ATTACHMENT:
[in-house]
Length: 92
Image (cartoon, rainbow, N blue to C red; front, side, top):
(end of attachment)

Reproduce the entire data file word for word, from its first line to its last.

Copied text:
[in-house]
Length: 92
Image (cartoon, rainbow, N blue to C red; front, side, top):